You may not be able to predict how epilepsy will affect your child’s life. However helping your child to manage their seizures and be open about their feelings can make a positive difference. Help your child’s school understand their condition to ensure they get the most out of their school and education.

Triggers for seizures

Some children’s seizures happen in response to triggers such as stress, excitement, boredom, missed medication, or lack of sleep. Keeping a diary of their seizures can help to see if there are any patterns to when seizures happen. If you recognise triggers, avoiding them as far as possible may help to reduce the number of seizures your child has.

Getting enough sleep, and well-balanced meals, will help keep your child healthy and may help to reduce their seizures.

See more about triggers

Immunisation (vaccination)

Some parents are nervous about immunisation, whether or not their child has epilepsy. The Department of Health recommends that every child is immunised against infectious diseases. This includes children who have epilepsy. If you are concerned about immunisations, your child’s GP or paediatrician can give you more information.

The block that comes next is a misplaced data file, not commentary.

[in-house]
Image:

Behaviour

For some children, having epilepsy and taking AEDs will not affect their behaviour. However, some people may notice a change in their child’s mood or behaviour such as becoming irritable or withdrawn. Some children may be responding to how they feel about having epilepsy and how it affects them. They may also want to be treated the same as their siblings or friends and to feel that epilepsy isn’t holding them back. Encouraging your child to talk about their epilepsy may help them feel better.